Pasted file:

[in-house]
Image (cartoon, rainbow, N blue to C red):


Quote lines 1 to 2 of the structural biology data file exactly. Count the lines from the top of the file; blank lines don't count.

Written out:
[in-house]
Image (cartoon, rainbow, N blue to C red):